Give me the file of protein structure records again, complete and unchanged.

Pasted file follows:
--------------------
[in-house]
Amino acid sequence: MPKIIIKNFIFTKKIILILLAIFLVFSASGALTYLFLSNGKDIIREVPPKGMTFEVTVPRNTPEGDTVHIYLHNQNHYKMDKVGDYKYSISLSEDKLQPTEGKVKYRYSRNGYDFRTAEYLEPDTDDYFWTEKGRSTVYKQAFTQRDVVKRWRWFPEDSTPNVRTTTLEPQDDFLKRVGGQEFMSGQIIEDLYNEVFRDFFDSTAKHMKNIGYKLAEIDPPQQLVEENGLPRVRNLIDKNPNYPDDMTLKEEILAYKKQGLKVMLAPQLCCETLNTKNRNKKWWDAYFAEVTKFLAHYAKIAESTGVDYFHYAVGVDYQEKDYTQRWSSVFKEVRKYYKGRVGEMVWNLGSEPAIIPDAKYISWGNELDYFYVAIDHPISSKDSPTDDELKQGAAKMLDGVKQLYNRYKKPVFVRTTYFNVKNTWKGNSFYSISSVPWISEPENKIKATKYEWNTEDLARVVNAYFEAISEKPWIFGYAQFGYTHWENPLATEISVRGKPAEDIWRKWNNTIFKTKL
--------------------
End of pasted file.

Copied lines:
[in-house]
Amino acid sequence: MPKIIIKNFIFTKKIILILLAIFLVFSASGALTYLFLSNGKDIIREVPPKGMTFEVTVPRNTPEGDTVHIYLHNQNHYKMDKVGDYKYSISLSEDKLQPTEGKVKYRYSRNGYDFRTAEYLEPDTDDYFWTEKGRSTVYKQAFTQRDVVKRWRWFPEDSTPNVRTTTLEPQDDFLKRVGGQEFMSGQIIEDLYNEVFRDFFDSTAKHMKNIGYKLAEIDPPQQLVEENGLPRVRNLIDKNPNYPDDMTLKEEILAYKKQGLKVMLAPQLCCETLNTKNRNKKWWDAYFAEVTKFLAHYAKIAESTGVDYFHYAVGVDYQEKDYTQRWSSVFKEVRKYYKGRVGEMVWNLGSEPAIIPDAKYISWGNELDYFYVAIDHPISSKDSPTDDELKQGAAKMLDGVKQLYNRYKKPVFVRTTYFNVKNTWKGNSFYSISSVPWISEPENKIKATKYEWNTEDLARVVNAYFEAISEKPWIFGYAQFGYTHWENPLATEISVRGKPAEDIWRKWNNTIFKTKL